Arianna O'Dell, a 30-year-old entrepreneur and songwriter based in New York City, had a tumultuous four-year journey in cryptocurrency before selling her investments in February. O'Dell may not have made optimal decisions about when to buy or sell, and missed out on the recent rally - but says she doesn't regret that. Investing $2,705 worth of proceeds into her business was better than enduring the stress of daily fluctuations, even though the price has since doubled, she said.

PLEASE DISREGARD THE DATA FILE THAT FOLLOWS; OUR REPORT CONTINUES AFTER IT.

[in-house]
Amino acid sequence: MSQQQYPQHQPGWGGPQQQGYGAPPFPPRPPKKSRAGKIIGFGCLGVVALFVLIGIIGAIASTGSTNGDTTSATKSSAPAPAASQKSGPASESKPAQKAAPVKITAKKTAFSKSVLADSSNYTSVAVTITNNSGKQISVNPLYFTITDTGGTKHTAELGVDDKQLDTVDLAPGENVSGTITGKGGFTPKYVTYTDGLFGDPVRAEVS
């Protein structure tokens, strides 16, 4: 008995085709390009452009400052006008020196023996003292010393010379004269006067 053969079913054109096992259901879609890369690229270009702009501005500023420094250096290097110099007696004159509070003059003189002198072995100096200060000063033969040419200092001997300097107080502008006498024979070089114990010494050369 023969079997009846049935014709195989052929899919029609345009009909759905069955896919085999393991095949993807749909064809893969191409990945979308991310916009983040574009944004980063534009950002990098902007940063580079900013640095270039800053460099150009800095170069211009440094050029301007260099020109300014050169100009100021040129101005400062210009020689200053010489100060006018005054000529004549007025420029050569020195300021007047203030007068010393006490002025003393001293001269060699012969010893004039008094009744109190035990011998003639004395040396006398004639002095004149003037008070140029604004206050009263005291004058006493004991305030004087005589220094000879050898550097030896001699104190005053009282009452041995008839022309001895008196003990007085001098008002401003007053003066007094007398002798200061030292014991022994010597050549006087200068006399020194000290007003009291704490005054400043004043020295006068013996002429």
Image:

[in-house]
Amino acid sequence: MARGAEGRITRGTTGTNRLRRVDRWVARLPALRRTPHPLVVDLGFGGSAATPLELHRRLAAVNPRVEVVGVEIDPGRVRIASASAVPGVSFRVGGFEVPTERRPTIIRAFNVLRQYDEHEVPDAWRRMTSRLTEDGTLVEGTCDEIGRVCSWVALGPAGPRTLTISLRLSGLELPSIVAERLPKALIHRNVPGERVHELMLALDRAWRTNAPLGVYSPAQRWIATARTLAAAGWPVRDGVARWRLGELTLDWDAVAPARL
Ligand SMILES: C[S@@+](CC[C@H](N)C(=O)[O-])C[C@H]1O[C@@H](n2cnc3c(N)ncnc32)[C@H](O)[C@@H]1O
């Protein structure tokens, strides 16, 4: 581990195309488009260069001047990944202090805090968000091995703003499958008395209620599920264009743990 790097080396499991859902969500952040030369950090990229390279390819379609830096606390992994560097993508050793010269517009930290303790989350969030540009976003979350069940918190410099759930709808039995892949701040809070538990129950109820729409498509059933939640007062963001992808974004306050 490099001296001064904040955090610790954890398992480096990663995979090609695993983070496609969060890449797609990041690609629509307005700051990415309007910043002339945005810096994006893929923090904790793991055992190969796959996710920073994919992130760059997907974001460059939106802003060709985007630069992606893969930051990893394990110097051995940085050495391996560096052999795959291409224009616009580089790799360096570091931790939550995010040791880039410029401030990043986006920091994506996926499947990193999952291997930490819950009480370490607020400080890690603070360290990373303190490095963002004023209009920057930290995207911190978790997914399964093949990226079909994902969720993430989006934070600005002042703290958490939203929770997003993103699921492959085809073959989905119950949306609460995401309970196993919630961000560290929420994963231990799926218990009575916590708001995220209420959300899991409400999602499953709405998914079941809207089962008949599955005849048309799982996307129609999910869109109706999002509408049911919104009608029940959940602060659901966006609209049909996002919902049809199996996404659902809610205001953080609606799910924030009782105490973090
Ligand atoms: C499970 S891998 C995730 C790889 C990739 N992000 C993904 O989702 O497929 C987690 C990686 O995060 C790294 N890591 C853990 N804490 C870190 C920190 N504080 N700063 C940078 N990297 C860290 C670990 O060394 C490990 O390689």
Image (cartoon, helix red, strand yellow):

BERLIN — Germany's Cabinet on Wednesday approved legislation that would provide compensation to gay servicepeople who experienced discrimination in the military before a change of policy 20 years ago.The decision comes two months after Defence Minister Annegret Kramp-Karrenbauer issued an apology for decades of discrimination. A study commissioned by her ministry documented “systematic discrimination” in the Bundeswehr — the military of West Germany and since 1990 of reunited Germany — from 1955 until 2000.The study said that “same-sex orientation was viewed as a security risk in the Bundeswehr until the turn of the millennium and made a career as an officer or noncommissioned officer impossible.”Kramp-Karrenbauer said that soldiers affected will be “rehabilitated” under the new legislation.The legislation foresees the lifting of military court verdicts imposed for consensual gay sex, with 3,000 euros ($3,560) in compensation being paid for each of those verdicts, but also to soldiers who were dismissed, denied promotion or stripped of responsibility. The Defence Ministry estimates that about 1,000 people will apply, news agency dpa reported.“I know that we can't make up for the personal injustice they suffered but, with the lifting of verdicts and the payment of lump-sum compensation, we want to send a signal — a small signal — of redress, to restore the dignity of these people who wanted nothing other than to serve Germany,” Kramp-Karrenbauer said.It is Germany's latest move to address past anti-gay discrimination. In 2017, parliament voted to annul the convictions of thousands of gay men under a law criminalizing male homosexuality that was enforced zealously in post-World War II West Germany.A federal court decided in 1970 that homosexuality was no longer a disciplinary offence for soldiers unless there was a “service connection,” the study released in September said. That was interpreted strictly to start with and gradually loosened.Then-Defence Minister Rudolf Scharping ended official discrimination in 2000 after an officer who had been removed from his post as a commander took his case to Germany’s highest court.Scharping issued a paper stating that “homosexuality does not constitute grounds for restrictions in terms of assignment or status and thus also is not a suitability criterion to be examined separately.”Kramp-Karrenbauer said the new legislation will also cover people who experienced discrimination in communist East Germany's National People's Army, which she called “an important signal" in a year when Germany marked 30 years of reunification.It still requires parliamentary approval. Kramp-Karrenbauer told lawmakers she hoped for their support "so that we can rehabilitate and compensate those affected next year.”Legislation criminalizing male homosexuality was introduced in the 19th century, toughened under Nazi rule and retained in that form by democratic West Germany, which convicted some 50,000 men between 1949 and 1969. Homosexuality was decriminalized in 1969 but the legislation wasn’t taken off the books entirely until 1994.Lawmakers approved compensation for men who were convicted. Payments were later extended to people who were put under investigation or taken into investigative custody but not convicted.Geir Moulson, The Associated Press